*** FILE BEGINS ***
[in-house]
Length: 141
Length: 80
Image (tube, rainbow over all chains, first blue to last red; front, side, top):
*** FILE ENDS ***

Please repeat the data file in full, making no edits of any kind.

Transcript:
[in-house]
Length: 141
Length: 80
Image (tube, rainbow over all chains, first blue to last red; front, side, top):